Half an hour later I began to make my way to the start line, via the loo again, and had a warm up before entering my starting pen, and soon enough I was on my way.

The race began much as any other race with competitors bunched up, but it opened up after the first mile and we headed into Cheltenham city centre.

I kept an eye on my watch time and as usual for a race I had it set up to show me my estimated finishing time, a function I find very useful, and it was flitting back and forth between 1:55 to 2:02, but was on 2:02 more of the time. By mile 10 I was beginning to feel tired, probably due to the lack of longer training runs, possibly because of my lack of sleep the night before, but maybe also because I ran 6 miles on the club run on Thursday evening, which was more than I thought we would be doing and I hadn't recovered fully from that.

I left the road as I entered the racecourse again with just a couple of miles left to run around the course itself before coming into the finishing line just behind the grandstand, my final and official chip time was 02:03:26 .
Polar watch time

Did I enjoy the race? It was OK. Would I do it again? Probably not. But then I've now run so many road half marathons that I'm beginning to become a bit bored with them, which is why I'm looking to run more trail races next year and only run a few road races.
So next Sunday is the Cardiff half marathon where I was hoping I might break the 2 hour barrier, but I'm doubtful that will happen now, unless I have a seriously strong wind blowing me along and that hill going up the right side of Roath Park lake is leveled out 😂

I know lots of you will be there so I look forward to seeing you.

Wednesday, 26 September 2018

4 in 4

Hey guys & girls, it's time once again for me to take part in another silly challenge. You may remember my last silly challenge was to complete two marathons in three weeks? Well now it's to complete four half marathons in four consecutive weeks, and it all kicks off this Sunday as follows.

Sunday 30th Sept - Cheltenham half marathon   

This race I am treating as a training run  because due to a niggly ligament injury I haven't been able to get out to do a longer training run since the Port Talbot half marathon.

Sunday 7th Oct - Cardiff half marathon
Last year I was aiming to complete this race in under two hours, but it wasn't to be and I finished in 02:01 so I will attempt a sub two hour finish again this time around.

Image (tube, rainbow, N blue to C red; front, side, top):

Sunday 14th Oct - Zafiro Palma Majorca half marathon 

Now I am really looking forward to this one! I'm just going to treat this race as a fun run and not be bothered about my time. I just want to take in the atmosphere and the sights and enjoy the experience of my first overseas race. I have to say that the organisers are really on the ball with a pre race pasta party and post race party in the park also, plus a host of other kids and family events taking place from Thursday and over the weekend. It is also my birthday on the Monday so I've booked four nights in a spa hotel and not flying home until the Tuesday, so after the race it'll be a soak in the hot tub followed by drinks by the pool and then head into town for the party.

Sunday 21st Oct - Stroud half marathon   
I ran this race last year, and although there is nothing particularly special about it, in as much as atmosphere or sights to see along the route, it is a PB course, and in fact many of my club mates got PB's, including me and my first sub 2 hour race. The other thing about this one is that it is usually our last half marathon of the road racing season, so last year about 30 of us from Caerleon took part and then after the race we headed off to a lovely Cotswold country pub where we had a fabulous roast dinner, and that is the plan again for this year.

I then have a couple of other runs planned for early November, and then it's time for me to put my feet up and have a rest, other than the usual club runs.